2) More importantly, the action and action-based plot is almost irrelevant to this show’s intent, unlike with Black Lagoon. The plot is just meant to fuel the character interactions, which are really about battles of various ethics and philosophies that each character has. Whereas in Black Lagoon, Rock and Revvy are going through constant (if subtle) development of their worldviews thanks to the events of the show, in Jormungand, everyone except for Jonah remains fairly static in their mindsets, and the show is about revealing and developing how they work and fight together because of, or in spite of that. The details of the plot causing a particular intersection of viewpoints is less important than the exploration of that intersection.

    Tangent: In that sense, Jormungand takes more of a movie approach than television one, as the latter usually demands character development of the evolving kind, rather than as the character-study-only kind. That’s also why cinema tends to be given more wiggle room with regards to realism, because as long as the execution convey/supports a theme well, it is considered successful, whereas long-form storytelling has a heavier burden of maintaining suspension of disbelief.

    3) Concerning the ending: The show doesn’t need to show the outcome of Koko’s plan, because the show isn’t really about that. It’s about exploring Koko’s worldview that has driven her to come up with such a plan, and then how each character, with their own worldviews, react to that. The final episode is about Jonah reconciling with the contradictions he’s been forced to confront throughout the series, and because by the end he’s come to terms with the primary one, as epitomized by Koko’s plan, the actual execution of that plan is irrelevant. We end on the conclusion of Jonah’s emotional arc. Following up on it would only be necessary if Jonah had a further emotional conflict due to the consequences, but that would be bad writing as it would essentially be a rehash, as well as rewinding Jonah’s development.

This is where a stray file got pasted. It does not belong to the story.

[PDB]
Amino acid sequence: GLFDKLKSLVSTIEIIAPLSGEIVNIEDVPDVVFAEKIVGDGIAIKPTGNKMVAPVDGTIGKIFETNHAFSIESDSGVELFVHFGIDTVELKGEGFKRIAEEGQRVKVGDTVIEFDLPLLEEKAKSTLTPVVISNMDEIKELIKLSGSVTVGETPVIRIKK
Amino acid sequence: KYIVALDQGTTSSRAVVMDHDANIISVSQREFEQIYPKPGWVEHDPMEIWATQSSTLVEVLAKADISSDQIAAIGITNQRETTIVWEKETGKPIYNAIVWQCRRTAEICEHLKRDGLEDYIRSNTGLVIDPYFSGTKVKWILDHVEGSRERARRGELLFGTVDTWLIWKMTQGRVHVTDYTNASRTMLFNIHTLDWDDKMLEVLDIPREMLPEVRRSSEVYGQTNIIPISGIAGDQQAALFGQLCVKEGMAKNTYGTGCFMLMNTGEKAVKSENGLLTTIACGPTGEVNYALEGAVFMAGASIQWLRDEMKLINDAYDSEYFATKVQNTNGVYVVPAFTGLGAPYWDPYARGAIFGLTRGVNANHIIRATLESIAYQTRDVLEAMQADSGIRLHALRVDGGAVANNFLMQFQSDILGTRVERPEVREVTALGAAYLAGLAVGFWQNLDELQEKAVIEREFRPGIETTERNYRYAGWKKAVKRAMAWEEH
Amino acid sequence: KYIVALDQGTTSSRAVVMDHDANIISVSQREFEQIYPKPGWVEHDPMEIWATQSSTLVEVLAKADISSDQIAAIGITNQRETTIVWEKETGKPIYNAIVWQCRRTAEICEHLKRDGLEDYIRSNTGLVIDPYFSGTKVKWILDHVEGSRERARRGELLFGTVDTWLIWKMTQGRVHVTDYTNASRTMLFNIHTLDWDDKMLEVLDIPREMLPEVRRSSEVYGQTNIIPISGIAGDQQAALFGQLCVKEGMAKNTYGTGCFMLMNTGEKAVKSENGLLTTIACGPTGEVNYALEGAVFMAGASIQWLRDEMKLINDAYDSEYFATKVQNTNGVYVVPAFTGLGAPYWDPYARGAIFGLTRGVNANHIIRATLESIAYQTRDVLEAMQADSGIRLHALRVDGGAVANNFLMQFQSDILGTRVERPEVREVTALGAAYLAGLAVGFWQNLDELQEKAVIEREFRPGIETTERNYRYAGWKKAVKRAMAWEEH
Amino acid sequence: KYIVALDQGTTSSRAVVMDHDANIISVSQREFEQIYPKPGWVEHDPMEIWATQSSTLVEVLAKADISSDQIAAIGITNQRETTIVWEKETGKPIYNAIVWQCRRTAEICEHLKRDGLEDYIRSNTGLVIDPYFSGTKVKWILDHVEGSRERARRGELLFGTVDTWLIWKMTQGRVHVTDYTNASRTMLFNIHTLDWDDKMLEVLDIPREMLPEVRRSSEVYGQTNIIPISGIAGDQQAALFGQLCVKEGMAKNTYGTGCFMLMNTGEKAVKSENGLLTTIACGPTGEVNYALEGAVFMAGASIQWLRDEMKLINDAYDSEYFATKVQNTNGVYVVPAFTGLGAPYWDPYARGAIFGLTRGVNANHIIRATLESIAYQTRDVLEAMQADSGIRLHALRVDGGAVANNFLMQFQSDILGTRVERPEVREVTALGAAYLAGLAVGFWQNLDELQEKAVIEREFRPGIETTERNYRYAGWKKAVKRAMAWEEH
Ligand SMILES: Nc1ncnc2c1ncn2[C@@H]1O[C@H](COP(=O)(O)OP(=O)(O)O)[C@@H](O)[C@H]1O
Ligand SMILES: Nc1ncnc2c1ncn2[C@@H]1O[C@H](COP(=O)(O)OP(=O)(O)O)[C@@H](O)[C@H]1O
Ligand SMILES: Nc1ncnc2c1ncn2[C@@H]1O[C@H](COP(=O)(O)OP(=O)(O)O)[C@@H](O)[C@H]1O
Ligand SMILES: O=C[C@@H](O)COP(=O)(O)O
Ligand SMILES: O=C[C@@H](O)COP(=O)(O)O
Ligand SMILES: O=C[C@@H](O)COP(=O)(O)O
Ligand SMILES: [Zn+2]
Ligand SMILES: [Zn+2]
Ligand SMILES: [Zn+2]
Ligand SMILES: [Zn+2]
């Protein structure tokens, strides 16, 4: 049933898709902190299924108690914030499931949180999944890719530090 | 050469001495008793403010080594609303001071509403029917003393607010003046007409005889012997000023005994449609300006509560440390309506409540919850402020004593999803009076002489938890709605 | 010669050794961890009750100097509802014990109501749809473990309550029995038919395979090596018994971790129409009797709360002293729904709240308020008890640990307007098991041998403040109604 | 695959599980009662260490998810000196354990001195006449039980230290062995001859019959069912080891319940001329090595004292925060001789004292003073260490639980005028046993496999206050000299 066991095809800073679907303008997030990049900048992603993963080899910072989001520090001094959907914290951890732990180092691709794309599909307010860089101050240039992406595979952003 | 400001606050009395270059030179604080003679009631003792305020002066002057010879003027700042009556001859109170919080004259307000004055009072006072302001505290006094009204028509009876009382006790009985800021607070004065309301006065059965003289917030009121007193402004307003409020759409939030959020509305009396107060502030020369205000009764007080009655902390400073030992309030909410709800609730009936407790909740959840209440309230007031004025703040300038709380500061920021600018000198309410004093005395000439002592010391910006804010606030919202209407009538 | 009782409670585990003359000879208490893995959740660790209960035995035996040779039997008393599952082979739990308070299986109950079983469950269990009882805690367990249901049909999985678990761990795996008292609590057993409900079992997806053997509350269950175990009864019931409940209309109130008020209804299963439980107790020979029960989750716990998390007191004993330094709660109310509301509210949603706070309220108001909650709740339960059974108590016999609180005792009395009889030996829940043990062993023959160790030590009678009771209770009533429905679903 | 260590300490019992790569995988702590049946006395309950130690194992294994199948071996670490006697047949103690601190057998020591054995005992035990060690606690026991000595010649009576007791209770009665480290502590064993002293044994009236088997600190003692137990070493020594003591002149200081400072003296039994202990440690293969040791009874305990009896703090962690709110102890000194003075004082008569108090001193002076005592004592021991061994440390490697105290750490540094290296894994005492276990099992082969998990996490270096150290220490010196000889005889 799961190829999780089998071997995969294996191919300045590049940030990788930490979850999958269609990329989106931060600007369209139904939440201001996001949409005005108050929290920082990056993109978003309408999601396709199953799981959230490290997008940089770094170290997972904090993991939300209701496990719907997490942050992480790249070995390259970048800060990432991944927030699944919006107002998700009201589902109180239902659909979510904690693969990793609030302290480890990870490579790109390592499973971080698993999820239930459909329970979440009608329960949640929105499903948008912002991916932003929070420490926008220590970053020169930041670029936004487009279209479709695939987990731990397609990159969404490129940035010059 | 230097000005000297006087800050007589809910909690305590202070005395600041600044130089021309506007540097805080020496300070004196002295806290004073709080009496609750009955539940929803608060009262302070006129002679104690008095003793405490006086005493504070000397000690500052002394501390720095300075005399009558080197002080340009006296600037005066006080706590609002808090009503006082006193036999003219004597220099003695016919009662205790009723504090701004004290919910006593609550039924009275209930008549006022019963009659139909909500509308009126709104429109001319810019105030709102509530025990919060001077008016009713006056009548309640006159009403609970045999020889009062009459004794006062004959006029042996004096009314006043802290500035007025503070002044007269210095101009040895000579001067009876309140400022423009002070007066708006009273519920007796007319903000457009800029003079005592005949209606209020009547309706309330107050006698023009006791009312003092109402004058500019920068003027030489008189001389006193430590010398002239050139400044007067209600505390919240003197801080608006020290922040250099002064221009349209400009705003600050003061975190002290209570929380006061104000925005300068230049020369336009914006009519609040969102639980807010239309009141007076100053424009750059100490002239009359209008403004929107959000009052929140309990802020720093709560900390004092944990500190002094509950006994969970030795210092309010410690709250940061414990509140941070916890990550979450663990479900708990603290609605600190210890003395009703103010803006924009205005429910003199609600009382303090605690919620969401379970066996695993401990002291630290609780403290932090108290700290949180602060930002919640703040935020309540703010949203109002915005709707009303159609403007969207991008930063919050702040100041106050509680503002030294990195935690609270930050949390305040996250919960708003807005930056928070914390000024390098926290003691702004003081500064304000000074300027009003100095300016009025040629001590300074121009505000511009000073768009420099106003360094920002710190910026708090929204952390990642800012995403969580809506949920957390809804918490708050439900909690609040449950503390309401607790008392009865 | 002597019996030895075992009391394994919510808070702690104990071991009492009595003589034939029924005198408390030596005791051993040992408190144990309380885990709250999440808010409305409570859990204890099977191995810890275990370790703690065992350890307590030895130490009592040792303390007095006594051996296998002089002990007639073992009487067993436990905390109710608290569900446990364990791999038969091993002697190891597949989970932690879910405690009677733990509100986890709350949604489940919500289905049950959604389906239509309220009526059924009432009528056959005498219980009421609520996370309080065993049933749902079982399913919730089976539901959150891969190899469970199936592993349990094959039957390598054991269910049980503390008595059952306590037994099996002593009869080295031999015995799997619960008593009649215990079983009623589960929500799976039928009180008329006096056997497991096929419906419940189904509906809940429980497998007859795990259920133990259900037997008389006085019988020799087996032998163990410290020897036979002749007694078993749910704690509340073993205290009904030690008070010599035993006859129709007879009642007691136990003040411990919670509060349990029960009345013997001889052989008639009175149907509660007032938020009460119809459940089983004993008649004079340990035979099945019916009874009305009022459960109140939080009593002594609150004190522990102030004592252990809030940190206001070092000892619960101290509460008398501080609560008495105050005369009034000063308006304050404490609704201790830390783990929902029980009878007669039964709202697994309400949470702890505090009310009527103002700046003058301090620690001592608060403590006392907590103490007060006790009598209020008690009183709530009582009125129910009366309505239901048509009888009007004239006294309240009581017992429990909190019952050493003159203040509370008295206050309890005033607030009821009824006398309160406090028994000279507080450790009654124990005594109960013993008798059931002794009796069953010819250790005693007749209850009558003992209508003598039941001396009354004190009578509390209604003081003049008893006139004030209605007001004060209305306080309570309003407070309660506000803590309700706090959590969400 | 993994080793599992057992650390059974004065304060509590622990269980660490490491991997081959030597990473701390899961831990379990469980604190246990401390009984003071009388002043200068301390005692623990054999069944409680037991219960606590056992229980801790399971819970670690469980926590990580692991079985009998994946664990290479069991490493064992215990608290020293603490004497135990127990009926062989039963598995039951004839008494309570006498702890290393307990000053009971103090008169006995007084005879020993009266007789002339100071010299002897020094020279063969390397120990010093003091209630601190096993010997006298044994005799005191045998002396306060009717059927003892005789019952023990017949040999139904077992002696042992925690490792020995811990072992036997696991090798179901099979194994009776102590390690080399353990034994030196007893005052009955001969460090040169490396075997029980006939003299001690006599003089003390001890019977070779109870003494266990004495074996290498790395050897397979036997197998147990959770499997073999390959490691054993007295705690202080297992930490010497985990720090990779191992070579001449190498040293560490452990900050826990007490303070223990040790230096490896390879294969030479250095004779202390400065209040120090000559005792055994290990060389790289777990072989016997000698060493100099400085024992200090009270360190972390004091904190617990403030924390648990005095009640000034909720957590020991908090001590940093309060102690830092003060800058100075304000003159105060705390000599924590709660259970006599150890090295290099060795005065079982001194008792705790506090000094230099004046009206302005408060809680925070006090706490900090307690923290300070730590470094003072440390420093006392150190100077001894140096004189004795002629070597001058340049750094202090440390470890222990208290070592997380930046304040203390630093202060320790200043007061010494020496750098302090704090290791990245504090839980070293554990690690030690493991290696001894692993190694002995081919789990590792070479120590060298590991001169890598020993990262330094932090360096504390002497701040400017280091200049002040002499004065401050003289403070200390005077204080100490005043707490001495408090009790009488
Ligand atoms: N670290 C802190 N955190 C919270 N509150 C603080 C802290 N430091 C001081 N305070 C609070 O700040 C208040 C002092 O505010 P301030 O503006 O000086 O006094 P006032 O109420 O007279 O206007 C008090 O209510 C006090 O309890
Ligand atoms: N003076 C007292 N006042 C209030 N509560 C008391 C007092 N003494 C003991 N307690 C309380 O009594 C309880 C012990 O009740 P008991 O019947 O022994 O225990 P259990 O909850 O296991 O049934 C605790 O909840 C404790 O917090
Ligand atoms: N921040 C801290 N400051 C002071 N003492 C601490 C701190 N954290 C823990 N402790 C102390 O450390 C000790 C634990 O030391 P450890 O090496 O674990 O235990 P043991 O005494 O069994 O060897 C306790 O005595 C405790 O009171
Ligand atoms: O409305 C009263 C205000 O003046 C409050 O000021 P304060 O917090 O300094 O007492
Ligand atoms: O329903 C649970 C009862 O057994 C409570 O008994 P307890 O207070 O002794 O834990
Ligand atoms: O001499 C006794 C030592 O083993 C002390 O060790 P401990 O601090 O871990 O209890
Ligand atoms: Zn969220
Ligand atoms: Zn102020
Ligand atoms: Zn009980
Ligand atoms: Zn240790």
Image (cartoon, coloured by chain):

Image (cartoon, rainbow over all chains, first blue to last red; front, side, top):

I’m not a huge fan of the show, or anything, but the specific complaints given in the podcast bothered me, so I wanted to address them.
    I’d say the role of action in Jormungand as pretty dressing to justify the character/philosophy interactions is similar to that of Noir, but I haven’t finished Noir yet.

    • It’s kind of funny, but most of the things people brought up as complaints in this podcast made me feel more inclined to watch the show. I generally find over the top action like Black Lagoon pretty tedious, but I’m all about explorations of contrasting ethics.

      • I seem to recall on the podcast that our (well, Landon’s and I’s at least) problem with the show besides the awful action was that there was no exploration of contrasting ethics whatsoever. Just weapons are terrible. Arms dealers are bad. They seem to agree and thus they want to destroy the weapons of the world. And the individual character stories are godawfully shallow. Bleh!

        I’m not saying you shouldn’t watch the show or anything Bob, but if you find contrasting ethics in it, point ’em out to me. Because I saw zip (and if there were any, it was poorly handled).

      • Yeah, I do agree that Jormungand isn’t any sort of must-watch, so don’t move it up the backlog. It was a nice lazy-Saturday binge-watch, for me.

        I actually didn’t see this supposed blanket “Arms dealers are bad, weapons are terrible” moral at all. Jonah starts with this mindset, but is already shown to be a hypocrite to those words from the beginning, (which Koko points out as the main theme of the first episode) and then all of the events of the show, including his backstory with Kasper, challenges that platitude. It’s not about “weapons/violence bad/good,” but more of ethics and philosophies within the framework of the military-industrial complex.

        Only Koko’s admittedly preposterous world-peace plan tries to advocate a fully “weapons bad” agenda, and in the last episode, Kasper plays foil by listing all of the reasons why Koko’s plan is stupid, and why her approach will never work.